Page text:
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Thoughts on a Wild Market

Posted by: Ben Steverman on January 22, 2008

A few observations as the stock market gets crazier and crazier: (I know some of these are obvious, but maybe they’ll help.)
1. What you should do in a market like this depends a lot on who you are.
If you’re a long-term investor and don’t need cash for a while, this might be a good chance to sink more into the market and buy up some quality companies at good prices. If you’re lucky, stocks will bounce back and you’ll pat yourself on the back for buying at the bottom. But if you’ll need the money soon, you might consider exiting the stock market entirely. Steve Merkel of FAC Wealth Management set up a non-equity portfolio for his more nervous investors. It includes a commodity fund, government bonds and corporate bonds.
2. Cash ain’t so bad.
As Merkel pointed out to me: With some money market funds earning 4.6%, cash looks like a good option. With the rate cut, that yield is likely to fall. But if you think, as Merkel does, that stocks could have a tough year to 18 months, then cash offers a way to earn some small returns while your money stays safe.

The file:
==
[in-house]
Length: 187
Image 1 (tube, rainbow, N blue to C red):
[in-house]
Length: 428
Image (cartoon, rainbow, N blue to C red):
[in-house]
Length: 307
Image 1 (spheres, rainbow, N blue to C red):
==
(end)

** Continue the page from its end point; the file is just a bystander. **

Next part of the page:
3. Nobody really knows.
Some of these points are obvious, but it’s worth reminding yourself. No one really knows which way the market will go. Pundits love to talk about history, but which of its many, many lessons apply to today — 1929? the 1970s? 1990? 2000? It’s true stocks tend to move higher over time, but it’s also true that stocks have often gotten stuck in holding patterns. And the stock market very often does the completely unexpected.
4. Beware the “sucker’s rally.”
Stocks could bounce back quickly from their January lows. (They could also keep moving lower.) But if they do rebound in the next month or so, it doesn’t necessarily mean our troubles are behind us. History, although never a reliable guide, is full of examples of sharp recoveries that quickly fizzle.

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Bloomberg Businessweek’s Ben Steverman focuses on the latest moves in financial markets and emerging trends in stocks, bonds, and funds, always with an eye toward giving readers a better understanding of the sometimes confusing and often chaotic world of money. Standard & Poor’s senior index analyst Howard Silverblatt will also provide his take on companies’ finances and the markets. Voted one of the “Top 100 Finance Blogs” in 2007.

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